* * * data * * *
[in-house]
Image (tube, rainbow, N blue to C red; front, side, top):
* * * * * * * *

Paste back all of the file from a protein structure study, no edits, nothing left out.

[in-house]
Image (tube, rainbow, N blue to C red; front, side, top):